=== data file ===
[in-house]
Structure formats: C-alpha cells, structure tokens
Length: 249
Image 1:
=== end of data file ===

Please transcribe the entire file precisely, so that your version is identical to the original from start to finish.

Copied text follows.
[in-house]
Structure formats: C-alpha cells, structure tokens
Length: 249
Image 1: